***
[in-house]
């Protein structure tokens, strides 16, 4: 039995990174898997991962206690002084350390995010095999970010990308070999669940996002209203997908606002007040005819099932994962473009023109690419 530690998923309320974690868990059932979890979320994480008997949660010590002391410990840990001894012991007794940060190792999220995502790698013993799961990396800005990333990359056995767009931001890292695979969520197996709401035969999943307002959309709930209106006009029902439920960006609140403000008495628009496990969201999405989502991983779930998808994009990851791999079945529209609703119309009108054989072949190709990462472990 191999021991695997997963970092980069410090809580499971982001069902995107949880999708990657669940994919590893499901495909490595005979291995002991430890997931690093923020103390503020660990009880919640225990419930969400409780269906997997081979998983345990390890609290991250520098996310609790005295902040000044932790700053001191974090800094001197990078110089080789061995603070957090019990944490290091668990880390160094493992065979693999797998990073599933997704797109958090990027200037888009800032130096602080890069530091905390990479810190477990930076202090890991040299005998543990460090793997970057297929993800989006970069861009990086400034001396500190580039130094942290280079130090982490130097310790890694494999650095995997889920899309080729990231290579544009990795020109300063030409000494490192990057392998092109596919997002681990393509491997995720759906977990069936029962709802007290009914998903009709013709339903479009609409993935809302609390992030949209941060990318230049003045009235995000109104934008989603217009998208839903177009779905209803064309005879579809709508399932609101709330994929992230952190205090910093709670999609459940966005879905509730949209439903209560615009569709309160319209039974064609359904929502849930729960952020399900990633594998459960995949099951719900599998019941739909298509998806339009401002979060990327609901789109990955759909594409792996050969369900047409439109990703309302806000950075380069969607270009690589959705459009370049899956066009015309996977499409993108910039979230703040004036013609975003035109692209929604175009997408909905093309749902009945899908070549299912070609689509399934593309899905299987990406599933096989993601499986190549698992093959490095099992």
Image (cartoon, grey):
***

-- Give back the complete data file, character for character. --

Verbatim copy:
[in-house]
């Protein structure tokens, strides 16, 4: 039995990174898997991962206690002084350390995010095999970010990308070999669940996002209203997908606002007040005819099932994962473009023109690419 530690998923309320974690868990059932979890979320994480008997949660010590002391410990840990001894012991007794940060190792999220995502790698013993799961990396800005990333990359056995767009931001890292695979969520197996709401035969999943307002959309709930209106006009029902439920960006609140403000008495628009496990969201999405989502991983779930998808994009990851791999079945529209609703119309009108054989072949190709990462472990 191999021991695997997963970092980069410090809580499971982001069902995107949880999708990657669940994919590893499901495909490595005979291995002991430890997931690093923020103390503020660990009880919640225990419930969400409780269906997997081979998983345990390890609290991250520098996310609790005295902040000044932790700053001191974090800094001197990078110089080789061995603070957090019990944490290091668990880390160094493992065979693999797998990073599933997704797109958090990027200037888009800032130096602080890069530091905390990479810190477990930076202090890991040299005998543990460090793997970057297929993800989006970069861009990086400034001396500190580039130094942290280079130090982490130097310790890694494999650095995997889920899309080729990231290579544009990795020109300063030409000494490192990057392998092109596919997002681990393509491997995720759906977990069936029962709802007290009914998903009709013709339903479009609409993935809302609390992030949209941060990318230049003045009235995000109104934008989603217009998208839903177009779905209803064309005879579809709508399932609101709330994929992230952190205090910093709670999609459940966005879905509730949209439903209560615009569709309160319209039974064609359904929502849930729960952020399900990633594998459960995949099951719900599998019941739909298509998806339009401002979060990327609901789109990955759909594409792996050969369900047409439109990703309302806000950075380069969607270009690589959705459009370049899956066009015309996977499409993108910039979230703040004036013609975003035109692209929604175009997408909905093309749902009945899908070549299912070609689509399934593309899905299987990406599933096989993601499986190549698992093959490095099992």
Image (cartoon, grey):